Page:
Skip to main content

Why do dog toys squeak?

A border collie playing with his favorite squeaky toy in his mouth
(Image credit: Getty Images)

If you’ve ever found yourself wondering "why do dog toys squeak" and what it is about that noise that delights your dog so much, then you’re in the right place because we’re about to delve deep to find the answers to both of those questions.

One of the best dog toys on the market comes packed with a mammoth 12 squeakers and many of our other favorites contain them too, so clearly all that noise serves a purpose but where is it coming from?

For those of you that used to love blowing on whistles when you were a kid, you’ve probably already guessed that toy manufacturers use mini versions of these inside their squeaky toys. When your dog starts getting stuck into their favorite chew toy the pressure of their jaw forces air to move through the squeaker, causing it to omit that high-pitched noise that so many of our dogs go nuts for.

If your canine companion has several squeaky toys, you may have noticed that the noise that comes from each can vary. That’s because the size of the squeaker that has been placed in the dog toy can make both the duration and the loudness of the squeak different from toy to toy. Some are also designed to create noise, both when the air is pushed out of them and when the air rushes back in as they regain their shape.

Why does your dog love their squeaky toy so much?

Some dogs are squeaker seekers who just can’t get enough of their beloved noisemakers, and it turns out there might be several reasons why.

Your dog carries a natural killer instinct that has been handed down to them from their wolf descendants and that squeaky noise is similar to the sound that frightened prey make when they’re being hunted. 

While we don’t want to get overly graphic here, if you’ve ever noticed your dog swinging its head and their squeaky toy back and forth while they’re playing with it, that’s likely because the noise from the toy is tapping into the natural way they’d kill their prey in the wild. When the whistle in the toy stops squeaking, it signals to your furkid that they’ve ‘killed’ their prey and can stop attacking.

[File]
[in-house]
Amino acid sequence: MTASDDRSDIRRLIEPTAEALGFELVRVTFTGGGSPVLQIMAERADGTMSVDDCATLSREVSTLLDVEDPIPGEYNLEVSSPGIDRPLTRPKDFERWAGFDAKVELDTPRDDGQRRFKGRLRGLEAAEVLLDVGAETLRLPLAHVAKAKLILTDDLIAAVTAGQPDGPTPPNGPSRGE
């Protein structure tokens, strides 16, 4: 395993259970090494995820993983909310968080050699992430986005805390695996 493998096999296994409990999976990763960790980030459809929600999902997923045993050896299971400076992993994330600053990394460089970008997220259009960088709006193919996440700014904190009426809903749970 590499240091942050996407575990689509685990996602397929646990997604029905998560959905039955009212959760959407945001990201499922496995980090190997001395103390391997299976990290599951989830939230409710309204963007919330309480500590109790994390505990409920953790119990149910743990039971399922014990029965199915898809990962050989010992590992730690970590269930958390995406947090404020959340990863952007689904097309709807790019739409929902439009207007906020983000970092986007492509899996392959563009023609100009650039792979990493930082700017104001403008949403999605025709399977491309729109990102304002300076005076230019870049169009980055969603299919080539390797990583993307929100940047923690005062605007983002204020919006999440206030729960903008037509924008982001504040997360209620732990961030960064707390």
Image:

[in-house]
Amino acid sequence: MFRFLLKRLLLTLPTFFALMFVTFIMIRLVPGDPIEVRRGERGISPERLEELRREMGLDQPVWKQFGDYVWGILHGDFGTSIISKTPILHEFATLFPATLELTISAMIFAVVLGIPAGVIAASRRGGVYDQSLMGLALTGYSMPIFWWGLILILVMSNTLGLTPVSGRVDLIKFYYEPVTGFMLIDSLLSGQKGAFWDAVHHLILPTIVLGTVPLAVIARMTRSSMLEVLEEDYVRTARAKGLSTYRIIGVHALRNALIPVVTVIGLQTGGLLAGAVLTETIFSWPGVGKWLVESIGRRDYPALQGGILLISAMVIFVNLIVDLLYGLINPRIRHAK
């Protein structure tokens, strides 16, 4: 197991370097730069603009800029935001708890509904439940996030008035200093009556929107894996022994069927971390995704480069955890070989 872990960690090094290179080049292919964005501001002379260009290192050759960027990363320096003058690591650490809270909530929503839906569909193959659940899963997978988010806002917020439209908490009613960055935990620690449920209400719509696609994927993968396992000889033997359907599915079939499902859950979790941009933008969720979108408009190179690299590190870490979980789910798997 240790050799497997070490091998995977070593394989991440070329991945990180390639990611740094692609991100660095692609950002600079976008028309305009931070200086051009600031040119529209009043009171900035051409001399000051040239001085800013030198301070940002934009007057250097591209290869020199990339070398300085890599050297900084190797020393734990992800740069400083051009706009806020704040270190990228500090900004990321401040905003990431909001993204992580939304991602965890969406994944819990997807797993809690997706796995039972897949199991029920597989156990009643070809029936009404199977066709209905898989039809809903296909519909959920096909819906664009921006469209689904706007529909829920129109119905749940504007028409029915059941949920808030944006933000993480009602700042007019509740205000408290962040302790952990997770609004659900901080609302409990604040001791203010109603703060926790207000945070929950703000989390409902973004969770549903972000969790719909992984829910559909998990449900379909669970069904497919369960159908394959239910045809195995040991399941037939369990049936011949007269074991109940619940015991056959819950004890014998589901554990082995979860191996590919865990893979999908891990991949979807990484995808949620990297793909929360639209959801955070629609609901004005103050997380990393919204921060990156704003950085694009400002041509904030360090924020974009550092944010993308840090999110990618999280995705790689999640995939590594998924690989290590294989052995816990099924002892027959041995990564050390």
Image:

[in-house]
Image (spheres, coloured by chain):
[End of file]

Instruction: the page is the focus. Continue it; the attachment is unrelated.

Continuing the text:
There’s another driving force behind your dog’s love of their squeaky toy and that’s the instant gratification it provides. When a dog bites down on a toy and hears a squeak, the pleasure center in their brain lights up and lets them know that their bite is effective. Your dog quickly learns that when they bite hard enough on a toy with a squeaker, a sound is emitted, which feels like a reward. 

Like the best rope dog toys, squeaky toys are also a lot of fun and can provide mental and physical stimulation, ward off boredom, and stimulate your canine companion’s natural prey drive. 

Well, now that we’ve solved the mystery of why do dog toys squeak, it’s time to give you a sneak peek at a few of our favorites…

KONG Wild Knots Bear and Signature Balls Pack
We're pretty sure your dog will fall head over paws in love with this squeaky set that includes two ultra-durable and bouncy balls and the ever popular Wild Knots Bear with a squeaky rope interior and a plush exterior. Available in a range of sizes to suit all breeds.View Deal

Outward Hound Stuffingless Snake
Packed with not one, not two, but 12 squeakers, this snake comes with all the features you'd want in a toy. There's no stuffing, which means no mess to clean up, and it's durable enough to withstand a fair amount of chewing. Available in a variety of sizes and colors.View Deal

KONG AirDog Dumbell Dog Toy
Another KONG favorite of ours is this novel approach to the traditional ball toy. With a super unpredictable and erratic bounce and a squeaker that more challenging to get to than other toys, this dumbell will keep your canine engaged for hours at a time. View Deal

Kathryn Rosenberg

Kathryn is a freelance writer with a passion for creating health and wellness, travel and wildlife content. Originally from New Zealand, her nomadic lifestyle has her currently fur baby-less. She scratches her pet parent itch by stealing frequent cuddles with any neighbourhood cat kind enough to indulge her.